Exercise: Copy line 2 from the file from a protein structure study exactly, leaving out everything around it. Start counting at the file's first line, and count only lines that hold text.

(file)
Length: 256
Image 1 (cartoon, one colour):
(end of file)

Image 1 (cartoon, one colour):